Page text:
Morandi painted the present still life in 1943, a year fraught with peril for the artist. Italy entered the Second World War in 1940 as an Axis ally of Nazi Germany, a decision for which the Italian people would suffer enormously during the next five years. Morandi had friends involved with the resistance, and when a postcard from the artist was found in the possession of his friend Carlo Ragghianti, who had been arrested for anti-fascist activity, agents of the secret police appeared at Morandi’s door during the afternoon of 23 May 1943 and took him to prison. No incriminating evidence was found in Morandi’s home—he had fortuitously destroyed any compromising correspondence—and because he was an esteemed professor of art at the Accademia di Belle Arti, part of the University of Bologna, friends with connections high in the Ministry of Education managed to obtain his release within days. But no less dangerous times were still to come. During the summer, the Italian government deposed and imprisoned Benito Mussolini, and Italy then signed a secret armistice with the Allies, who had already invaded the Italian mainland after their victory over Axis forces in Sicily. Hitler would not allow Italy to defect to the Allied cause, and rescued Mussolini, while the German army quickly occupied the country, bringing with them the Gestapo, which began to hunt down members of the resistance and implement the Nazi final solution for Italian Jews. As a major artery of military transportation, Bologna endured severe Allied bombing for the remainder of the war, forcing Morandi to seek safety in the countryside at Grizzana.
There may be some hint of the painter’s uneasy state of mind in the slightly off-center composition of the present still life, or in his decision to station two vases like sentinels, guarding a vulnerable, open bowl. Yet in truth it is difficult to identify obvious signs of the war in the familiar elements of Morandi’s still life paintings, of the kind he had been making for almost two decades, except by way of contrast. These paintings, with their humble and unassuming humanity, so silent and contemplative, appear to be far removed from the daily experience of violence, chaos and death shattering the world around them. Indeed, the character of Morandi’s work could provide a balm for the troubled spirit, as the critic Giuseppe Marchiori recalled in 1963: “During the tragedy of conflict and oppression we were consoled in our sorrow by the thought of the man in a room on the Via Fondazza…Morandi was in all probability painting a picture of bottles, lamps and dusty boxes. Amid the clamor of war his silent and lonely steadfastness was a bulwark; it was a noble protest of the man ‘the most out of step’ in the world” (quoted in Janet Abramowicz, Giorgio Morandi: The Art of Silence, New Haven, 2004, p. 165).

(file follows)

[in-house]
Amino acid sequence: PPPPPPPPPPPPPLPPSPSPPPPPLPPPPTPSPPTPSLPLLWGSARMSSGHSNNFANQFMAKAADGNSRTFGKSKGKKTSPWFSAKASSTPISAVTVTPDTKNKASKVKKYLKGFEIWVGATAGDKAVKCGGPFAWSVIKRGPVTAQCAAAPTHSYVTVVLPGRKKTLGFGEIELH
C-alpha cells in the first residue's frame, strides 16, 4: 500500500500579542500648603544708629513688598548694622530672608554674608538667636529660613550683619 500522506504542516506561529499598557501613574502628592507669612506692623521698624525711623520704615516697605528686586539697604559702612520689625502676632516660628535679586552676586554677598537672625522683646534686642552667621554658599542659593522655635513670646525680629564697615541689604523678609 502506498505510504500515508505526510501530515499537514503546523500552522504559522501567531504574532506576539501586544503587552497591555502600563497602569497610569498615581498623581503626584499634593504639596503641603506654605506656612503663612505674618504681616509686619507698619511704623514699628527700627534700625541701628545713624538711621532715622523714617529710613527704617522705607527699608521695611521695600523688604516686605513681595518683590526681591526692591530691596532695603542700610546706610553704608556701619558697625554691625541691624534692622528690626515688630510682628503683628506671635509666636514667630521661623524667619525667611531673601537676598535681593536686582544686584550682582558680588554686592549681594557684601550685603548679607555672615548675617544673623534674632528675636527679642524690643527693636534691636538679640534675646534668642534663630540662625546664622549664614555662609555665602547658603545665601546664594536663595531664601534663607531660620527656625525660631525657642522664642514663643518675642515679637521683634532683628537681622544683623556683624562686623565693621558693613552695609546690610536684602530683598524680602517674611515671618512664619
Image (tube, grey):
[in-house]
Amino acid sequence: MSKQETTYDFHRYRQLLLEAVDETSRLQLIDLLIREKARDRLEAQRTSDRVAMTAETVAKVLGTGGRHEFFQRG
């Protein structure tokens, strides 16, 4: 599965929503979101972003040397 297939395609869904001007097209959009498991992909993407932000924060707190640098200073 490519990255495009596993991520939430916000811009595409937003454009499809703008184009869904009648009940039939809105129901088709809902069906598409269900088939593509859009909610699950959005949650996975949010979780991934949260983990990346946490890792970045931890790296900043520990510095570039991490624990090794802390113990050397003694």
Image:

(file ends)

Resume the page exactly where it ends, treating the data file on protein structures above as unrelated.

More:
Morandi’s fundamental response to the horror around him was to paint, just as Picasso continued to paint in occupied Paris, and the sensitive internalization of his experiences lend a special gravitas to his wartime expressions. “Some of the works that Morandi painted during the war are among the most beautiful of his career,” Abramowicz has declared. “His paintings of the 1940s have a different palette from the works of the 1930s. The light in these works varies from a lugubrious dark crimson to austere sackcloth browns" (Ibid., p. 168). Notwithstanding the terrible reality that threatened to impinge upon his private world in the studio, Morandi painted steadily and with increasing productivity during the early years of the war, completing nearly twenty pictures in 1940, forty-six in 1941 and sixty-seven in 1943, numbers that fell off substantially when he returned from Grizzana to Bologna in June 1944. When the artist’s friend Roberto Longhi organized a show of Morandi’s paintings in Florence in that year following the liberation of that city, Morandi was still cut off in Bologna, alive and well, but his fate remained unknown to his friends until the war was over.